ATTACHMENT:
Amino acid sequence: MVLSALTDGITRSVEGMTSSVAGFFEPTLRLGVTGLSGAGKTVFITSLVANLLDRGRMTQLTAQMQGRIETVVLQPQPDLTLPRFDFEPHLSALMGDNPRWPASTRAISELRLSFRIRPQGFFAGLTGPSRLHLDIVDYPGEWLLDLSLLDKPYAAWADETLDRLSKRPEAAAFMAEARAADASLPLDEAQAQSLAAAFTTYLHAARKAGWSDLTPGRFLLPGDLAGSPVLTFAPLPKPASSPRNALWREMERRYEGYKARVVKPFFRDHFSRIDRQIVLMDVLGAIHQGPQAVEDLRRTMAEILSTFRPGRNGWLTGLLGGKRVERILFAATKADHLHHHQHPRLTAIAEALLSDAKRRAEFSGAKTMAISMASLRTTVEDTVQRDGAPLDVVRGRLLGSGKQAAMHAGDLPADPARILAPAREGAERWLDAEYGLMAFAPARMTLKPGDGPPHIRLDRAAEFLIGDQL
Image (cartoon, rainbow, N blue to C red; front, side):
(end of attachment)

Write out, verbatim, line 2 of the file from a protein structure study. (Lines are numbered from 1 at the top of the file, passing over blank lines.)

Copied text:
Image (cartoon, rainbow, N blue to C red; front, side):